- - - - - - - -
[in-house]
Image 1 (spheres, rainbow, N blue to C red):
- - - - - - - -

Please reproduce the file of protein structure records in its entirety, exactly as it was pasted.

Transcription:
[in-house]
Image 1 (spheres, rainbow, N blue to C red):